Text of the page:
Why Combining Building Automation & IT Can Cause Security Issues
Building automation is a hot topic for many companies. Those that haven’t yet hopped on the building automation bandwagon are anxious to do. The so called “smart building” is more secure and more efficient. A sophisticated, highly advanced technology manages everything from access to temperature control. By all accounts, using building automation should heighten firm security, but this isn’t always the case.
Everything in One Place
Building automation is primarily a means of ensuring a more secure space. However, a number of organizations are integrating their building automation system with their existing IT networks. This means that everything, from customer credit card numbers to elevator operation, is stored in one place, and that means vulnerability.
As a prominent example, recall the massive Target hack in 2013. Some people mistakenly believe that the hackers targeted the retail giant’s IT system, but actually they accessed the point of sale machines through the company’s HVAC system. They were able to do so because Target had streamlined their building automation with their existing IT. The result was massive financial losses for the retailer, which was also forced to recover from a lack of consumer trust.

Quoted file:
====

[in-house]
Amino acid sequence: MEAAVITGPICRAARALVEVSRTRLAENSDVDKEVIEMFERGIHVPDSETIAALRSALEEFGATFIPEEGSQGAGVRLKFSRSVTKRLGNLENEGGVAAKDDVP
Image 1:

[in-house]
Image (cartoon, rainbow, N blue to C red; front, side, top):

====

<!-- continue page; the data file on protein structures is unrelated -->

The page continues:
Automation Without Risking Security
So how can an organization implement building automation without putting their other sensitive IT at risk? The answer is to keep the two systems strictly separate. This may mean keeping them physically separate in two locations. It also means making them logically separate so there is no direct connection between the two.
It’s almost inevitable, of course, that the two systems will have to communicate with each other occasionally. Virtual private networks and a series of well configured firewalls can make this happen securely and effectively. These safeguards help to ensure that only authorized people can initiate communication between the two networks.
While no security measures can ensure that there will never be a breach of any system, maintaining separate, dedicated networks is a simple solution that can minimize problems and protect an organization’s most sensitive information.